by Joe Wilhelm Jr.
No is a word that has rarely gotten in the way of the goals of the incoming Jacksonville Bar Association (JBA) president.
Dan Bean, 44, will be sworn in June 18 as the new president of the JBA and he has made a career out of turning no’s into opportunities. He is a partner at the law firm of Holland & Knight, which turned down his application for employment when he first looked for a job in the private sector in Jacksonville.
“I applied to Holland & Knight in 1998 and was rejected,” said Bean. “I still have the letter, but now I’m a partner here.”
He was promoted to partner five years ago, and that decision was based both on the quality and quantity of his work according to Larry Hamilton, the practice group leader for Jacksonville litigation.
“He is a perfect example of ‘if you want to get something done give it to someone who is busy,’” said Hamilton. “He’s pretty amazing in everything he gets done in a day. He is one of our hardest working, well-respected lawyers in our office.”
And the rejection letter?
“We got it right the second time,” said Hamilton.
Bean had an offer to work at the firm of Gabel & Hair before applying to Holland & Knight, but he couldn’t wrap up his work with the Navy in time to meet the firm’s deadline, so he had to pass. He now works with George Gabel, who offered him the job, at Holland & Knight.
“He’s got a good personality, strong work ethic and enthusiasm for staying in touch with our clients,” said Gabel. “Dan is one of the leaders in our office, it’s a real pleasure to have him there. Every office needs a Dan Bean.”
After being turned down by Holland & Knight in 1998, Bean joined Marks Gray later that year with the help of the relationships he had developed through the JBA. Bean joined the Young Lawyers Section and served on its Board of Governors from 1999-2001. After aging off the Young Lawyers Board, Bean ran and was elected to the “Big Board” in 2001. During that time he has served under eight JBA presidents.
“I wanted to play in the annual golf tournament and I was told that in order to play I had to become a member,” Bean said. “Later, with the help of the relationships that I had developed through the JBA I was able to get a job with Marks Gray, who has a strong history of participation in the Bar.”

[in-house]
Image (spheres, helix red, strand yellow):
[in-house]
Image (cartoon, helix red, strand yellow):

Shortly after joining Marks Gray, Bean received an offer to be a temporary clerk for United States District Judges Ralph Nimmons and Harvey Schlesinger. Three weeks into his new job, Nimmons told Bean that the 11th Circuit was cutting back its funding and Bean’s position would be eliminated.
“Judge Nimmons told me he would do whatever he could to help me get a job,” said Bean. “The next day Judge (John) Moore’s clerk decided she was leaving. This is an example of how lucky I’ve been throughout my life. Judge Moore is a retired Navy Commander and I interviewed in my Navy uniform and was hired immediately.”
Bean didn’t relinquish his duties once he went into private practice. He continues to serve in the Navy Reserve. He is a commanding officer of a unit based in Washington, D.C., called “Reserve Affairs and Operations.”
He commands six officers in assisting the Reserve Judge Advocate General (JAG) in implementing his policies to the Reserve JAG Corps. The commitment requires him to be in D.C. one weekend a month and two weeks of the year to serve with the unit.
Reaching the level of success that Bean has achieved hasn’t come easy for him, but he was able to develop an impressive work ethic and negotiating skills at a young age.
He grew up with eight siblings who shared three bathrooms, so mornings before school in Alexandria, Va., were a busy time.
“That’s where I learned the art of negotiation,” said Bean.
Those mornings became a little busier when he started delivering The Washington Post when he was 12.
“I was up every morning at about 5 a.m.,” said Bean. “I covered a 110-paper route for five years.”